Head and Neck Cancer
Head and neck cancer can include that of the oral cavity (mouth, lips, gums, cheeks, tongue, tonsils, and mouth floor), salivary glands, sinuses, nasal cavity and throat/pharynx, larynx/voice box. If found early, these types of cancers are often curable; however, the treatments may include surgery, radiation and chemo therapy, or even a combination.
How can AAC benefit individuals with head and neck cancer?
If you or a family member has recently undergone head or neck surgery, then you understand how frustrating it can be not being able to communicate. Not every individual is able to meet their communication goals, so they may still require additional assistance through the use of AAC. Even for those that are making satisfactory progress, and those that are good communicators, they may still need various forms AAC when having difficulty expressing themselves in certain (i.e. noisy, crowded) situations.
|Surgery||Common AAC Methods|
|Tongue (Glossectomy) and Maxilla (Maxillectomy)||Gestures (e.g. waving, head nods), writing, picture communication boards or an augmentative and assistive communication (AAC) device.|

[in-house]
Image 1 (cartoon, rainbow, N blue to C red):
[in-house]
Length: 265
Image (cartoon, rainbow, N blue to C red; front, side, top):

|Larynx (Laryngectomy)||Forms of alaryngeal speech or an augmentative and assistive communication (AAC) device.|
For individuals with head/neck cancer an AAC device should:
- Support quick, easy and efficient interaction within larger groups of people, providing a clear voice for noisy, crowded situations.
- Provide meaningful messages to communication partners. (at work, home or in the community etc.)
- Encourage social interaction on a variety of platforms (in person, by phone, text message, e-mail, and web)